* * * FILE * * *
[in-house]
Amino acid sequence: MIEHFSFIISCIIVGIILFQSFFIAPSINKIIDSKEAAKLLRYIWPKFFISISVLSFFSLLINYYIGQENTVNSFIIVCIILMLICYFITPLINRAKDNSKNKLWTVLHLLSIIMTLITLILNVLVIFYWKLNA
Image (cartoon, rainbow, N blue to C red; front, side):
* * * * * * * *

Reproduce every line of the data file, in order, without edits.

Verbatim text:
[in-house]
Amino acid sequence: MIEHFSFIISCIIVGIILFQSFFIAPSINKIIDSKEAAKLLRYIWPKFFISISVLSFFSLLINYYIGQENTVNSFIIVCIILMLICYFITPLINRAKDNSKNKLWTVLHLLSIIMTLITLILNVLVIFYWKLNA
Image (cartoon, rainbow, N blue to C red; front, side):